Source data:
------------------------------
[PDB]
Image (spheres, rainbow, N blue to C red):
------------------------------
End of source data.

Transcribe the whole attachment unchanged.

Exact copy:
[PDB]
Image (spheres, rainbow, N blue to C red):